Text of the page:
Within government, power‐sharing refers to a coalition of two or more political parties which form the Executive. Such coalitions may be the outcome of either pre‐ or post‐election bargaining between or among political parties. In deeply divided societies, such as Northern Ireland, power‐sharing is associated with the model of consociational democracy. Consociationalism is theoretically suited to deeply divided societies where majoritarianism, or single party government, is deemed—or has been demonstrated—to be unworkable. Such has been the case in Northern Ireland since the introduction of direct rule in 1972.
Power‐sharing between or among rival ethnic blocs is an integral characteristic of consociational democracy. It refers to the inclusion in government of political leaders and parties that represent the divided communities—in the case of Northern Ireland, of nationalist and unionist parties. Since 1972, power‐sharing has been a consistent feature of successive attempts by UK governments to restore devolved government to Northern Ireland. Following the 1998 Belfast Agreement, it led to a four‐party Executive Committee, comprising the Ulster Unionist Party, the Social Democratic and Labour Party, the Democratic Unionist Party, and Sinn Féin, allocated by means of the d'Hondt rule.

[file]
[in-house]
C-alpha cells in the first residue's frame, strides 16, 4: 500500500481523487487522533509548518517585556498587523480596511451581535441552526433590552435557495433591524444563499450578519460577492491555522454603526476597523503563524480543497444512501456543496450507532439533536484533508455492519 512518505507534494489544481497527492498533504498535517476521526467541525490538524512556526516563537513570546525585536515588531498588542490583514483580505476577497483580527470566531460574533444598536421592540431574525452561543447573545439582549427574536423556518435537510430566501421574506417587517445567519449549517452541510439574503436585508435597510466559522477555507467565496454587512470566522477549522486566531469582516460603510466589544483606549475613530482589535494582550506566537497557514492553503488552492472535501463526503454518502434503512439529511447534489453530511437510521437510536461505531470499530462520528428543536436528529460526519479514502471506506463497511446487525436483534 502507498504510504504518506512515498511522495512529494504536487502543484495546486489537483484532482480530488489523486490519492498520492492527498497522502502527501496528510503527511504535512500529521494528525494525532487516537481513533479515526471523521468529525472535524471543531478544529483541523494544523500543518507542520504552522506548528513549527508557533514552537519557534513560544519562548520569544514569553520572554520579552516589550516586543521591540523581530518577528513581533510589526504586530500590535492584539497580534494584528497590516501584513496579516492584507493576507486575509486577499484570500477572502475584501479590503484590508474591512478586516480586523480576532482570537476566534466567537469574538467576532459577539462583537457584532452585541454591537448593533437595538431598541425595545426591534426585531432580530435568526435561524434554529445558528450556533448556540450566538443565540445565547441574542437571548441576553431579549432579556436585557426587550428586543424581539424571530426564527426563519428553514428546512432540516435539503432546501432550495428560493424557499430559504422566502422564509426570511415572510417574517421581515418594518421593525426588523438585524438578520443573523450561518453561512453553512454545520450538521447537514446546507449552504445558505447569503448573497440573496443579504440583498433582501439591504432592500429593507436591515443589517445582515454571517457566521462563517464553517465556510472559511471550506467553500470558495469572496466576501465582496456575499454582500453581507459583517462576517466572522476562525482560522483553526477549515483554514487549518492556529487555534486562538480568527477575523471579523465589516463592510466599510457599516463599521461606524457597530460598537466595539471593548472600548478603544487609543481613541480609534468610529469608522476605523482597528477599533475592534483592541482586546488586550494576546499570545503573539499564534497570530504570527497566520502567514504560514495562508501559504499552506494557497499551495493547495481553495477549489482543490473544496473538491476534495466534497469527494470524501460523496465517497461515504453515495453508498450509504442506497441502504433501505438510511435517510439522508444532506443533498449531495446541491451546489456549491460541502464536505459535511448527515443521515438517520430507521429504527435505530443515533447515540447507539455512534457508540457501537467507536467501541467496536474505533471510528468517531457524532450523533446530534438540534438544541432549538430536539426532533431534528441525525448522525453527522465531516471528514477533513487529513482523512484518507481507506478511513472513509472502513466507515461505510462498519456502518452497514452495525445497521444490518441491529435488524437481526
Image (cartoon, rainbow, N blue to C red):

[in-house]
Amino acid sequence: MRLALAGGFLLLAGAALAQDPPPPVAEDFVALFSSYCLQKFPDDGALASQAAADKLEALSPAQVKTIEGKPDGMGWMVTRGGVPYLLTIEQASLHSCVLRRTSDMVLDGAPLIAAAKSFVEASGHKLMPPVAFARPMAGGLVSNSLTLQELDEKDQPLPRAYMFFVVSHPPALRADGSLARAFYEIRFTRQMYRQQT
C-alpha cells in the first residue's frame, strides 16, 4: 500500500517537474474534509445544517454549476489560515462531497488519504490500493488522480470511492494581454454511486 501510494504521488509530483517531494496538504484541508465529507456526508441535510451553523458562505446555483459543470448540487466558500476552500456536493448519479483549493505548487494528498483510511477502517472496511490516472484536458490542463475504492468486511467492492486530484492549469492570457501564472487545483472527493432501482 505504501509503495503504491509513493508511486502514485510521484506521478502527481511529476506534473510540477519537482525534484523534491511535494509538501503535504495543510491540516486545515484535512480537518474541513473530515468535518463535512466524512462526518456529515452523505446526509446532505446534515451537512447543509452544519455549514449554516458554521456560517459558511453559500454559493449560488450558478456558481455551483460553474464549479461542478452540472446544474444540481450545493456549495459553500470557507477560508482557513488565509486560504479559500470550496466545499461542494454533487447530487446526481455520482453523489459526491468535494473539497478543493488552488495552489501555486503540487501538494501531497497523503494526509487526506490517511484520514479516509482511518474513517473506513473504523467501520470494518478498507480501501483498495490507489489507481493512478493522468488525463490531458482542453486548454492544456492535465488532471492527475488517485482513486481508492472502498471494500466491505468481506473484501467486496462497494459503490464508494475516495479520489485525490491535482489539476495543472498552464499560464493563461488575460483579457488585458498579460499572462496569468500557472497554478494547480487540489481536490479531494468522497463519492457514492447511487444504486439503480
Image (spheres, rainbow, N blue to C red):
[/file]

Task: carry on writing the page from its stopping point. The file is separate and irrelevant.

Power‐sharing is no guarantee of government stability, nor of wider social stability. Without the underpinning support of electors drawn from rival ethnic blocs, and a preparedness on the part of political leaders to practise the politics of accommodation, such a coalition may prove to be fragile. This was precisely the fate of the 1973–4 power‐sharing administration in Northern Ireland. It was toppled by unionist and loyalist protestors, opposed to the inclusion in government of nationalist representatives.